as comfortable with Sullivan as he would have been confused by
As an early and staunch proponent of the forward pass, Heisman
would have been delighted by the arrival of Sullivan on the Auburn
campus in the fall of 1968. In a game that foretold the future, the
Tiger freshman team (freshmen weren't eligible for varsity play then)
was trailing Alabama 27-0 in the second quarter. But Sullivan then
hit split end Terry Beasley with a bomb to get the Tiger Cubs rolling
toward what turned out to be a 36-27 victory. That also marked the
beginning of what is still the greatest passing combination in Auburn
After years of run-oriented teams, Tiger fans were more than ready
for Sullivan-to-Beasley. During the 1960s they had grown envious of
high-scoring SEC offenses that were built around such quarterbacks as
Alabama's Joe Namath and Ken Stabler, Mississippi's Archie Manning
and Florida's Steve Spurrier. On his first varsity play, in a home
game against Wake Forest, Sullivan attemped a pass to Beasley. ''I
was so pumped up that I threw it 20 yards over his % head,'' Sullivan
said later, ''but the students stood up and cheered.'' The Tigers won
the game 57-0 to begin an 8-3 season that Auburn fans remember most
for a 38-12 win over previously unbeaten Florida and a 49-26 victory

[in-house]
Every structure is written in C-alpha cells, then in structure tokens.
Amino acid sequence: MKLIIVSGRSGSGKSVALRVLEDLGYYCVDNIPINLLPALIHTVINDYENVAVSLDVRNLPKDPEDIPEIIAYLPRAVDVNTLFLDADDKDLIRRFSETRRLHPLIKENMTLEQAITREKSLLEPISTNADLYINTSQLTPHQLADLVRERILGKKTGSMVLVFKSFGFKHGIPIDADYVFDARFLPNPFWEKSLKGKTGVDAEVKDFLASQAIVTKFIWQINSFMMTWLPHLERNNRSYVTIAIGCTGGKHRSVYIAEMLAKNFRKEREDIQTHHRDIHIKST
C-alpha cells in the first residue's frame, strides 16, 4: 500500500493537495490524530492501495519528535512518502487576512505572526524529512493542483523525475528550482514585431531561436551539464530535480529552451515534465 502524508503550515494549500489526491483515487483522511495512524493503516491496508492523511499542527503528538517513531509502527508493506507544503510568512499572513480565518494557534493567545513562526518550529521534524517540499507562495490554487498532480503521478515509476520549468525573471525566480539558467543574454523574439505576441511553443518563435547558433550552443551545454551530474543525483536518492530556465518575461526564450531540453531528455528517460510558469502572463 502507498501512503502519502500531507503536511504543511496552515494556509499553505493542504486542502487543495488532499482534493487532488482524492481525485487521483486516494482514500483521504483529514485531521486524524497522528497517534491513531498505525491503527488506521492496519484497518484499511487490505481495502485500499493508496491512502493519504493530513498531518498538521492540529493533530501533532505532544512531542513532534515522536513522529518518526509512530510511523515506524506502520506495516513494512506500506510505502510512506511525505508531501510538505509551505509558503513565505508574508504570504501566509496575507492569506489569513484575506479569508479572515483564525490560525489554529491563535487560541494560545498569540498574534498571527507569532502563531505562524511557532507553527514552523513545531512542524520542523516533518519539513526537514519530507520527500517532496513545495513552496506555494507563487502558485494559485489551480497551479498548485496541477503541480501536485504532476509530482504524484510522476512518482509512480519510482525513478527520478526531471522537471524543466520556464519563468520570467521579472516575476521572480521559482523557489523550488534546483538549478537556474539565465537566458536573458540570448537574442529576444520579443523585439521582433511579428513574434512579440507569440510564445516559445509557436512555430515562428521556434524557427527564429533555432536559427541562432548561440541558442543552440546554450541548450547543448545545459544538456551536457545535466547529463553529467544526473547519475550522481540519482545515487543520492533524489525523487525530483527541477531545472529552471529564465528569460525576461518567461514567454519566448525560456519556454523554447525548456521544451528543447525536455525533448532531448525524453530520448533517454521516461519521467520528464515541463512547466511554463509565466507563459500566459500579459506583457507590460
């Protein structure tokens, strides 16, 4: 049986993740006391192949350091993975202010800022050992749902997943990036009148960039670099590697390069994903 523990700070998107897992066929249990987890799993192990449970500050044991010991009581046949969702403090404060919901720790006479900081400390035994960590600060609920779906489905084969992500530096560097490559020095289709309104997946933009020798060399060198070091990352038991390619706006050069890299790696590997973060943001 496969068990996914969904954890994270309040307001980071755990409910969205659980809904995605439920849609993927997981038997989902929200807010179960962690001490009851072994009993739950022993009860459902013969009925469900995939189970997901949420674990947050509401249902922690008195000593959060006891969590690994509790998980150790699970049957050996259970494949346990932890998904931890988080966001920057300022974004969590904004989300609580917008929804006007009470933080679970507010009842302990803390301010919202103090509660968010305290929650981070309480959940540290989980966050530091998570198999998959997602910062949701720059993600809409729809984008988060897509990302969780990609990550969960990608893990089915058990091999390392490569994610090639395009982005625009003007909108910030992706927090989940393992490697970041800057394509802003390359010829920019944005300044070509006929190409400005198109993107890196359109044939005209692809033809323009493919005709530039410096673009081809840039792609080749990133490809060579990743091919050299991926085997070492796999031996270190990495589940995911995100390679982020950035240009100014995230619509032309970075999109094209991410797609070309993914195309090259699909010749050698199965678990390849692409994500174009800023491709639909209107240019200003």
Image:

over Alabama. ''Auburn hadn't beaten Alabama since 1963,'' Sullivan
recalled years later. ''I was selling soft drinks in the east stands
that day. That's how I got in.''
In 1970, Sullivan's junior season, Ole Miss's Manning, a senior,
was considered the front-runner for the Heisman. However, after
Manning was sidelined by a broken arm midway through the season,
Sullivan emerged as the league's best quarterback. Throwing mainly to
Beasley, Sullivan engineered a 9-2 season in which the Tigers ripped
Tennessee 36-23 to hand the Vols their only loss of the season.
Midway through the season Sullivan received a letter from Manning.
''He said some writers had tried to get him to say some derogatory
things about me,'' Sullivan recalled later, ''but he just told them I
was having a better year than he was.'' Ironically, after Sullivan
had guided the Tigers to a 33-28 win over Alabama in the final
regular-season game, Auburn was pitted against Ole Miss in the Gator
Bowl. Against the Rebels, who by then had Manning back at QB, the